Dear Commons Community,
The first presidential debate came and went last night without any “zingers” or defining moments. Both President Obama and Mitt Romney presented themselves well and knowledgeable. The entire debate focused mainly on the economy, government spending and deficits. I was pleased to see that both candidates interjected issues related to education into their responses. Romney commenting on school choice and Obama on Race to the Top and community colleges. On these issues, I thought Obama had more to say. However, the overall evening was won by Romney who appeared energetic and happy to be at the debate. Obama on the other hand appeared tired and at times seemed to be someplace else. Chris Matthews of MSNBC, commented afterwards that Obama was “enduring” the debate. Obama never mentioned the 47 percent, Bain-Capital or any other “hot-button” campaign issues that have generally put the Romney campaign on the defensive.
A New York Times article has a good description of the evening as:
“But for all of the anticipation, and with less than five weeks remaining until Election Day, the 90-minute debate unfolded much like a seminar by a business consultant and a college professor. Both men argued that their policies would improve the lives of the middle class, but their discussion often dipped deep into the weeds, and they talked over each other without connecting their ideas to voters.
If Mr. Romney’s goal was to show that he could project equal stature to the president, he succeeded, perhaps offering his campaign the lift that Republicans have been seeking. Mr. Obama often stopped short of challenging his rival’s specific policies and chose not to invoke some of the same arguments that his campaign has been making against Mr. Romney for months.
…For much of the debate, the candidates commandeered the stage, taking control away from the moderator, Jim Lehrer of PBS, as they kept trying to rebut one other. At times, the moderator seemed as if he had walked off the stage, a result of new rules that were intended to allow for a deeper and more freewheeling discussion.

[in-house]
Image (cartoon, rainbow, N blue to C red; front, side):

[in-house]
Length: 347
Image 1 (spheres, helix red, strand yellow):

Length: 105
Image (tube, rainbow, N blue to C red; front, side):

On a basic level it was a clash of two ideologies, the president’s Democratic vision of government playing a supporting role in spurring economic growth, and Mr. Romney’s Republican vision that government should get out of the way of businesses that know best how to create jobs.
Mr. Romney sought to use his moment before a prime-time audience of tens of millions to escape the corner Mr. Obama and his allies have painted him into, depicting him as an uncompromising adherent to policies that have been tried before. He instead turned the focus on his opponent’s record.”
Aren’t you falling into the same trap as the press coverage of the debate? The issues are barely discussed. Instead, the “appearance” and “sound” of the debate are what carries its interest. Romney “won” – not because he used logic or didn’t answer questions he didn’t want to or acted like a gentleman, but because he appeared “energetic and happy to be at the debate.” Obama “lost” because he “appeared tired and at times seemed to be someplace else.”
Admittedly I don’t know you and don’t mean to accuse you (and apologize if my comment comes off that way), but the relentless media march that privileges image and sound far above content — while it is interesting — is also cause for worry.
Thanks loads for your comments. I don’t disagree with your basic premise that press coverage focuses a lot on appearance, style and delivery more so than on substance but this was a televised debate and the candidates were in a mass media forum. Candidates need to understand how to use and work the media to their advantage. The Kennedy-Nixon debate in 1960 illustrated this very well. Regardless, I thought Obama did not address some of the substantive issues that are important in this election. For instance, why did Obama neglect to mention Romney’s career at Bain Capital which is the basis for his economic prowess and expertise for turning around the economy? Why so little discussion of how Obama’s hopes to work across the Congressional aisles with Republicans?